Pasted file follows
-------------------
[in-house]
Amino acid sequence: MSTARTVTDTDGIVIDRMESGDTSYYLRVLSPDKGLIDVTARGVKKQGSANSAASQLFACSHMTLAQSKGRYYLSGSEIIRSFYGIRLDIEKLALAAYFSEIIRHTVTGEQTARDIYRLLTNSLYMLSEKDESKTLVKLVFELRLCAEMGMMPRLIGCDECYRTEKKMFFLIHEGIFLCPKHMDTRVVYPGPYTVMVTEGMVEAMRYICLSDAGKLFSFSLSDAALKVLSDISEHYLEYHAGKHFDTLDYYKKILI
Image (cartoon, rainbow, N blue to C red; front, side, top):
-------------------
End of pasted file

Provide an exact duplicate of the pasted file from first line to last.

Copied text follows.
[in-house]
Amino acid sequence: MSTARTVTDTDGIVIDRMESGDTSYYLRVLSPDKGLIDVTARGVKKQGSANSAASQLFACSHMTLAQSKGRYYLSGSEIIRSFYGIRLDIEKLALAAYFSEIIRHTVTGEQTARDIYRLLTNSLYMLSEKDESKTLVKLVFELRLCAEMGMMPRLIGCDECYRTEKKMFFLIHEGIFLCPKHMDTRVVYPGPYTVMVTEGMVEAMRYICLSDAGKLFSFSLSDAALKVLSDISEHYLEYHAGKHFDTLDYYKKILI
Image (cartoon, rainbow, N blue to C red; front, side, top):